The rebound in Asian markets stalled on Wednesday as several indexes in the region gave up early gains to finish the session in negative territory, after major U.S. indexes finished their Tuesday session higher.
Japan's Nikkei 225 closed barely in positive territory after rising more than 3 percent earlier in the day. The benchmark closed higher by 0.16 percent, or 35.13 points, at 21,645.37 as investors stayed defensive following last session's tumble.
Automakers and technology names were broadly higher following broad-based declines seen in the last session: Toyota rose 1.18 percent, Sony gained 1.52 percent and SoftBank Group soared 3.81 percent by the end of the session. Among other blue chips, Fanuc Manufacturing closed down 2 percent and Fast Retailing declined 1.41 percent.
South Korea's Kospi reversed early gains to finish the session lower by 2.31 percent at 2,396.56. Shares of tech heavyweight Samsung Electronics tumbled 3.42 percent, dragging on the broader index. Other tech names were mixed at the end of the day, with SK Hynix advancing 1.28 percent.
Losses were also seen in the manufacturing, finance, energy sectors. Steelmaker Posco closed down 2.67 percent and Lotte Shopping tumbled 6.07 percent.
Over in Sydney, the S&P/ASX 200 bounced 0.75 percent to end at 5,876.8 as energy and materials stocks led gains. Among major miners, Rio Tinto and BHP tacked on 3.82 percent and 1.81 percent, respectively. Energy-related stocks edged up: Santos advanced 1.62 percent and Beach Energy climbed 4.82 percent.
Gold producers were the worst-performers on the day, with the sector declining 1.96 percent.
Hong Kong's erased early gains to track lower by 0.76 percent at 3:04 p.m. HK/SIN. Tech giant Tencent clung to gains, climbing 1.22 percent ahead of the market close, but other index heavyweights fared less well: Developer China Evergrande Group slid 2 percent and China Unicom fell 2.69 percent.
Hong Kong-listed shares of Chinese banks were also in negative territory before the close, with China Construction Bank and Bank of China lower by 1.92 percent and 1.37 percent, respectively.
Meanwhile, mainland markets extended losses after last session's sell-off. The declined 1.81 percent to close at 3,309.58 and the Shenzhen composite shed 0.68 percent to end at 1,714.39. The blue chip CSI 300 index finished lower by 2.38 percent.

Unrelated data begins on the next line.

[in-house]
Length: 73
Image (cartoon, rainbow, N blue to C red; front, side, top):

Mainland financial stocks took a beating and were among the worst-performing sectors on Wednesday: Shares of Bank of China listed in Shanghai fell 3.57 percent and Industrial and Commercial Bank of China lost 5.94 percent by the end of the day. Among insurers, Ping An Insurance Group finished the session down 3.32 percent.
U.S. stocks closed higher on Tuesday after broadly slumping in the last two sessions. There was no obvious single reason behind massive losses seen stateside on Monday, but the sell-offs were blamed on concerns about rising interest rates, program trading and volatility funds that use leverage.
The rout in global stock markets also saw Asian and European shares sell off in the last session.
The declines overnight were characterized by analysts as a correction rather than a sell-off driven by fundamentals.
"We don't think this is the beginning of meaningful and sustained weakness for markets, but volatility is back and investor confidence has taken a hit," said David Lafferty and Esty Dwek Roditi, Natixis Investment Managers global chief strategist and investment specialist, respectively.
In currencies, the dollar index, which tracks the greenback against six major rivals, was softer at 89.585. At 2:50 p.m. HK/SIN, the dollar edged down against the to trade at 109.22, below Tuesday's close of 109.59.
The Australian dollar edged lower against the greenback to trade at $0.7872.
Meanwhile, U.S. West Texas Intermediate futures advanced 0.8 percent to trade at $63.90 per barrel after settling lower by more than 1 percent in the last session. Brent crude futures added 0.88 percent to trade at $67.45.
Trade in the shares of Wynn Macau was halted on Wednesday, the Hong Kong stock exchange said in a notice. The trading halt follows earlier allegations of sexual misconduct against casino mogul Steve Wynn. Wynn Resorts later announced it would be accepting Wynn's resignation as chief executive and chairman of the company.
Elsewhere, Japan's SoftBank Group announced on Wednesday that third-quarter operating profit declined 2.8 percent compared to one year ago, Reuters reported. The company also said in a release that it had begun preparations to list shares of its Japanese telecommunications unit, SoftBank Corporation.
Shares of Commonwealth Bank of Australia slipped 0.79 percent by the end of the day after the bank reported on Wednesday that cash profit in the six months ending Dec. 21 shrank 1.9 percent to 4.74 million Australian dollars ($3.74 million). Also mentioned in the statement was the the A$575 million ($454 million) in expenses related to a money-laundering lawsuit incurred by the bank. Australia's other "Big Four" banks also closed in negative territory, but saw less significant losses.
Meanwhile, Premier Investments, the largest shareholder of Myer Holdings, called for a meeting to vote on removing the retailer's board, Reuters reported. In a release, Premier Investments said it was not in the best interest of shareholders for Myer's existing board to "preside over another year of declining sales, eroding profits and further share price deterioration." Myer shares closed down 2.31 percent.
— CNBC's Fred Imbert contributed to this report.